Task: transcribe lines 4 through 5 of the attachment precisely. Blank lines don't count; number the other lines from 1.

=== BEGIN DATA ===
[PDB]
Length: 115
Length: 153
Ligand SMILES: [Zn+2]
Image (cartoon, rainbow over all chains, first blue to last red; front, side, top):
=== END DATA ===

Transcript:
Ligand SMILES: [Zn+2]
Image (cartoon, rainbow over all chains, first blue to last red; front, side, top):